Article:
What do you expect the public response to be for people going forward? Has there been a semi-pro team here before?
There have been several attempts. If you do a little digging and a little research into the sports market here, you’ll realize very quickly that a lot of things have been tried. We’ve had two hockey teams. We’ve had two indoor arena football teams, and we’ve had several attempts at starting basketball at various levels. Most recently was a team called the Georgia Soul. They were a women’s team in the Women’s Blue Chip Basketball League…they ended up winning their national title two years ago. (The owner) has since moved on, she’s active duty military, she had to move to Savannah. And the team had to fold. There have been several attempts at men’s teams, but nothing to the level that we’re trying to pull off. I’m not talking bad about anybody that’s ever tried to do anything, because we all know they laid the groundwork for where we’re at now. Had they not come before us and tried and failed, we wouldn’t be where we’re at. We wouldn’t have just signed a deal with the arena. You know what I mean? Overall, the reaction we’re getting is very positive, very encouraging, and very enthusiastic.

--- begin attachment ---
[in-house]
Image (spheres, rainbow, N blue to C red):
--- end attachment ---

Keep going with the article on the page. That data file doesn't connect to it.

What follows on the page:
Augusta’s need something like this for a long time. In our opinion, the city can’t take another fail. We’ve had all those team come and go. And really if you look at the history and the way the media coverage is, all of that negative press for every time a team has failed has fallen on the arena. And you know Chris Bird, the facilities director down there, and I have had several long conversations, and we were very slow to get the arena and were very methodical in our process. Because we wanted to make sure that the mistakes of the past were never repeated. That way we wouldn’t fail and that way the negative publicity wouldn’t fall on the only thing that still exists, which is the building.
Do you know what some of those reason were for some of those failures of past teams?
It’s a problem that we’ve noticed that’s kind of common in Augusta: marketing. Communication is critical, and if you don’t communicate times and locations and events and things like that…nobody knows that events are happening. That’s kind of commonplace throughout the whole city. It’s not just the entertainment industry. It’s tourism and travel. If it’s not the Masters, I can’t tell you what it is. We realize marketing has to be at the forefront of everything we do, which is why we took the grassroots approach and took our time and really tried to cultivate this.